Cashman looks ahead to Spring Training

Cashman looks ahead to Spring Training

NEW YORK -- Entering his 10th season as general manager, Brian Cashman has seen his Yankees teams run the gamut of Spring Training news cycles.

February's calendars have been highlighted by tell-all books, imported superstars, blockbuster trades, returns from injuries, off-field issues, contract talks and even a few spats with the Boston Red Sox. And that's just the last few years.

So what could the next few weeks of 2007 hold? Cashman isn't sure, but one thing is certain -- around the Yankees, events are never in short supply.

"Every spring is different," Cashman told on Friday. "There are always major needs with potential free agents at the end of the year; there are always new players who arrive via trades, and new free agents.

"Sometimes you've got a former player returning, like Andy Pettitte, and sometimes you've got a new hotshot rookie knocking on the door. The stories can be similar, the teams are very different, but the effort to win a championship and be the best you can be is always there."

Though the mandatory report date for Yankees pitchers and catchers isn't until Feb. 13, several veteran players -- Derek Jeter, Jorge Posada and Miguel Cairo among them -- have already traded their winter gear for shorts and T-shirts.

Another Yankees stalwart, Bernie Williams, remains on the outside looking in. The Yankees have reportedly offered the 38-year-old a standing non-roster invitation to camp, which the outfielder said Friday he did not intend to accept.

Williams addressed reporters briefly at a New Milford, Conn., benefit concert. Convinced by his good showing last season, Williams has said that he is capable of playing another season, though the Yankees -- the only organization he has known in a 16-year Major League career -- do not appear to have room for him and, thus far, have been unwilling to offer a guaranteed deal.

Cashman said that he views the Yankees' roster changes as largely complete.

"As of right now, we're going in with what we've got," he said. "I've floated some ideas out there, but I don't want to say anything more than that. These are the people we've committed to going in with, so we're getting ready to hit the ground running."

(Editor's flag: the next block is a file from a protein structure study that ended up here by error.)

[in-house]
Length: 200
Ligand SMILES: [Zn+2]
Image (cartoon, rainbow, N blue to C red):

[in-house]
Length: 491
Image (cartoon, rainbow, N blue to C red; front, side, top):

As is the case every spring, the Yankees have a hot-button issue to contend with. This year it may wind up being Alex Rodriguez's opt-out clause, which gained steam coinciding with the third baseman's promotional book tour this week in New York.

Cashman said that he is not putting serious thought into the possibility that the two-time Most Valuable Player could be playing his last season with the Yankees.

"It's just not something I'm going to be focusing on right now," he said. "We're focusing on getting the team ready for '07. We're not focusing on '08."

Rodriguez's agent, Scott Boras, suggested to the Associated Press that Rodriguez could secure a significant raise for 2008 and beyond by exercising the opt-out clause. Rodriguez is set to earn $72 million over the final three years of his contract.

Cashman said that there was little the Yankees could do to influence the end result of the clause, which was built into Rodriguez's original 10-year, $252 million contract, signed with the Texas Rangers.

"That's a decision for Alex," he said. "He negotiated that in good faith when he did his contract, and that's a right that he earned and bargained for. We'll just wait until the end and see what he has to say. If he opts out, he opts out."

With a core compiled by established returning players, the Yankees have a certain luxury of using Spring Training to showcase various young talents who were either promoted or acquired over the winter.

Cashman said that it was an "unlikely" scenario that top pitching prospect Phil Hughes would break camp with the Yankees, but noted that the respective bounties from the Randy Johnson and Gary Sheffield trades should be of particular interest.

"I think there are people in this organization that people are anxious to go in with and see what they've got," he said. "Those will be the more interesting stories -- who Alberto Gonzalez is, who Ross Ohlendorf is, Humberto Sanchez, Kevin Whelan, people like that; the new guys."

With those young players waiting in the wings, Cashman rejected the idea that talent has been stockpiled with thoughts of translating it into established Major League talent through trades.

For the moment, he said, the Yankees' farm replenishment can be taken at face value. That follows a pattern notably established with the promotion and subsequent successes of right-hander Chien-Ming Wang and second baseman Robinson Cano.

"I think we've demonstrated here in the last few years that we prefer to keep our players for ourselves," he said. "We're going to grow from within and go inward first before we decide to go outside. You have to have talent from within to do that, so hopefully, we've added enough choices to give us that ability."

Bryan Hoch is a reporter for This story was not subject to the approval of Major League Baseball or its clubs.